Following two days of discussions in Brussels, Federal Chancellor Scholz stressed the unity among the heads of state and government. “We have all jointly condemned the war of aggression in the strongest possible terms and we all agree that what is needed now is an immediate ceasefire,” Scholz said on Friday evening, adding that it had become “very, very clear” that everyone shared a great sense of solidarity with Ukraine.
Shared responsibility for refugees
On the issue of the movement of refugees out of Ukraine, Federal Chancellor Scholz stressed the unique role and major service played by neighbouring countries, along with the great willingness in many countries to take in those seeking sanctuary. In Scholz’s view, it is a “good sign that everyone is willing to take in refugees, that they are willing to show solidarity, and that they all recognise their shared responsibility during the greatest movement of refugees in Europe since the Second World War.”
Increasing the independence of the economy and energy supplies
Energy prices and supplies were also on the agenda. “Energy prices have risen sharply and are a burden on everyone. Many member states have taken actions to relieve the burdens on their citizens, and the Federal Government is one of them,” Scholz said. The Federal Chancellor drew attention to the joint efforts to promote the massive expansion of renewable energies, so that “we can make our economy and energy supplies independent of fossil raw material exports from Russia.” EU states are aiming to act jointly as purchasers in the gas market, in order to improve their negotiating position as a large participant in the market.
Federal Chancellor Olaf Scholz joined the other 26 EU heads of state and government for a meeting of the European Council on Thursday and Friday. At the beginning of the summit, US President Joe Biden exchanged views with the leaders of EU countries on Russia’s war of aggression in Ukraine. Following this, the Ukrainian President Volodymyr Zelensky joined them for a video discussion.
Sanctions: closing loopholes
The heads of state and government renewed their condemnation of Russia’s war of aggression that flouts international law. They all agreed to continue providing Ukraine with political, financial, material and humanitarian support. With regard to the sanctions imposed so far, they made it clear that the EU is ready to close loopholes and prevent attempts to circumvent them. The heads of state and government also underscored their willingness to work swiftly to adopt further coordinated sanctions against Russia.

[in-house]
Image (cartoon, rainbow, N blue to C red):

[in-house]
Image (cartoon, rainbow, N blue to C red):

The European Council meeting also addressed other consequences of Russia’s aggression. The heads of state and government confirmed the EU’s Strategic Compass and discussed defence policy. They also exchanged views on energy prices and supply security.
The EU heads of state and government also intend to discuss other economic issues. Finally, they will broach the issues of the current state of the Coronavirus pandemic and other aspects of external relations.
G7 show solidarity with Ukraine
At the Federal Chancellor’s invitation, the G7 heads of state and government had already met on Thursday evening to discuss the situation in Ukraine and further joint measures. Following the meeting, Federal Chancellor Scholz said: “Our discussions have shown that we are more united than ever in this challenging situation, and we are acting jointly and decisively.”
He added that the leaders’ unity was also reflected in the G7 joint declaration, in which the heads of state and government of the seven leading economic nations stress their solidarity with Ukraine and renew their condemnation of Russia’s invasion. They appeal to Belarus to avoid further escalation and to refrain from deploying its armed forces against Ukraine.